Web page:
On 8 September, approximately 40 people entered Bradley opencast coal mine, Dipton, owned by Banks Group. At the same time, two people locked on to a digging machine at Field House surface, West Rainton, owned by Hargreaves Surface Mining. As a result, neither mine operated for the day.
The activists came from the Coal Nee More camp, located near Bradley mine, organised by the Protect Pont Valley campaign. This four-day camp ran from 5 to 9 September and said it provided skills and ideas to “resist the corporations that are destroying our planet”. It included workshops on how to build a lock-on device and encountering police during protest. A lock-on device secures two peoples’ arms together inside a metal or concrete container, making it difficult for police to move them.
On 8 September, as part of the camp, activists dressed in red boiler suits entered at the back of Bradley mine and crossed it with banners and chants. Staff from Steadfast Security Group physically confronted several activists. But the group were able to make it to the high barrier, known as a baffle bank, that overlooked a busy main road on the other side of the mine. And they remained on top of the baffle bank until 1pm, when Bradley mine closed.
About 15 protesters later joined activists on a pavement outside the mine. The group comprised local residents and additional activists from the camp. It brought banners and placards, displaying them to passing drivers. There were many honks of support from cars passing by.
The Canary was present during the action and saw no workers arrive to begin their day. Coal Nee More suggested to The Canary that this resulted from its forward advertisement of the action. About a dozen police officers were also present at the protest but made no attempt to remove activists.
Mark Dowdall, environment and community director for Banks Group, said in the Northern Echo:
Banks Mining is a North-East, family-owned firm that has been investing in the region for more than four decades, with hundreds of local and regional jobs being directly and indirectly created and sustained as a result, and we are continuing to progress work at our Bradley site in the safest, most efficient and most environmentally responsible way possible.
But a press release seen by The Canary said activists:
are dressed in red representing the red line for the climate that is being crossed with the continued reliance on fossil fuel extraction.
Field House mine
Two people from the same camp also carried out an autonomous action at Field House surface mine, West Rainton. The pair locked on to the top of a digger, preventing it from operating. This tactic has been widely used in Coal Nee More actions previously. And it meant work on the site, owned by Hargreaves Surface Mining, was stopped for the day.
The pair displayed a banner reading “System change not climate change”. And one reportedly knitted in solidarity with anti-fracking group Lancashire Nanas. Police were present but made no arrests. The lock-on voluntarily ended at 1pm, the closing time for Field House mine.
In a press release seen by The Canary, one of the people who locked on said:
We are at Hargreaves coal mine today and take direct action to challenge the destructive fossil fuel industry. We stand in solidarity with the locals and protectors at Pont Valley that is also in County Durham, and those on the frontlines fighting the fossil fuel industry globally.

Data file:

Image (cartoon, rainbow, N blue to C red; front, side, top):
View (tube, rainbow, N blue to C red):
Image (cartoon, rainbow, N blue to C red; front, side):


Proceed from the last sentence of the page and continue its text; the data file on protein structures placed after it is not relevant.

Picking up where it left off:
The date for both actions was chosen to coincide with the global Rise for Climate protests. An estimated 900 events across 95 countries occured on 8 September to highlight climate change.
Tracy Gillman, whose house is next to Bradley mine, spoke to The Canary. Asked about people from outside of County Durham taking action alongside residents, she said:
It’s fantastic… to have other people’s support, people to come, to keep the campaign alive. The fact [is] we are living with this. They have destroyed the valley now – Banks – but we are not going to stop. And with the support of other people, that is just so heartening. It’s fantastic.
Gillman also spoke about what the 8 September action means for opposing Bradley mine:
We’re just going to keep going. We’re fighting on lots of different fronts so there’s legal battles that we’re putting into place. We’ve got a crowdfunder right now to take this to judicial review, to question James Brokenshire’s decision not to revoke planning permission. And there are other legal battles… We want to hold Durham county Council to account, Banks to account.
50 years of opposition
Bradley open cast mine has faced opposition from Dipton residents for 50 years. And in July 2018 the local miners’ group, Durham Miners Association, came out in support of the resistance. It told the Guardian that Bradley mine:
now threatens to ruin our environment for no perceivable benefit. Our communities have suffered enough… and they do not need to have more injury added to insult.
Approval was given for the mine in June 2015, with a three-year window to begin work. An 86,000 signature petition was delivered to then-communities secretary Sajid Javid in March 2018. Further appeals have been made to current communities secretary James Brokenshire. But in July 2018, Brokenshire said he “would not intervene”.
Activists have since been working with locals to take direct action against the mine. The actions on 8 September are the latest in a campaign to empower people against a fossil fuel corporation. But it’s clear they won’t be the last.
– Donate to the campaign’s fundraiser for bringing a legal challenge against Brokenshire’s decision not to intervene.
Featured image and additional images via author.
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